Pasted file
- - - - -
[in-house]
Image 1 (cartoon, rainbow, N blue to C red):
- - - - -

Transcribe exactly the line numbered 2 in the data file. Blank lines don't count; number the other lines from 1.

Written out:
Image 1 (cartoon, rainbow, N blue to C red):